June 16, 2021 | Categories DonorPerfect Fundraising Software, Featured, Fundraising Strategies, Nonprofit Technology

7 Ways to Leverage Your Nonprofit’s Fundraising Dashboard

7 Ways to Leverage Your Nonprofit's Fundraising Dashboard

Although the experts say that a key to fundraising success is consistency, nonprofit professionals are all too familiar with the staffing challenges that make aligning around just one goal feel next to impossible. However, it pays to be on the same page – literally – and having a central hub like an organizational dashboard can work wonders in making sure the chaos is kept to a minimum.

That’s why it’s important to:

  1. Align your team
  2. Have an answer for the board
  3. Take advantage of your gift average
  4. Create giving levels
  5. Stay ahead of donor retention
  6. Know when to kick it into high gear
  7. Avoid a lapsed donor relapse

Using your Organizational Dashboard to Manage and Grow Your Nonprofit

With the arrival of DonorPerfect’s new organizational dashboard, we’re excited to share with you some ways you can take advantage of such resources, no matter what online fundraising software you use.

#1. Align your team, regardless of turnover

With a revolving door of staff and volunteers, nonprofits don’t necessarily have it as easy as for-profit organizations when it comes to collaboration – especially with the new emphasis on working from home. But at the end of the day, aligning your team around your mission’s goals is critical to accomplishing them. By utilizing a single organizational dashboard as a point of reference, your entire team can make pointed efforts in pushing the needle forward, knowing where the needle actually is at any given time.

Infographic of nonprofit data flow in and out of donor metrics dashboard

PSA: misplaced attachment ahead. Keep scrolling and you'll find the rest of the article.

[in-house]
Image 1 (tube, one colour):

#2. Stay prepared with an answer for your board

It can be quite nerve-wracking when your nonprofit’s board asks for word on your latest progress, especially if you don’t have an immediate answer, and if it requires you to run a report in order to provide one. Your organizational dashboard alleviates the pressure by granting your staff and volunteers instant access – and subsequently, an instant answer – regarding your mission’s real-time key metrics. You can quickly and easily export your dashboard data into a format you choose to share with your board, too!

#3. Use your gift average to your advantage

Just as your staff appreciates having a point of reference to base their goals around, your donors find comfort in knowing what amount their peers give and what would be helpful to your mission. So, guide their giving by sharing your donors’ average gift amount. We see this strategy in political campaigns, like that of Bernie Sanders, who often shares in his appeals that his average gift is $27.

What happens next is psychology, and it’s pretty amazing: folks who would have otherwise given $10-20 dollars, for example, are more inclined to donate the specific amount asked of them, even if it means giving more, thanks to a bit of lighthearted peer pressure.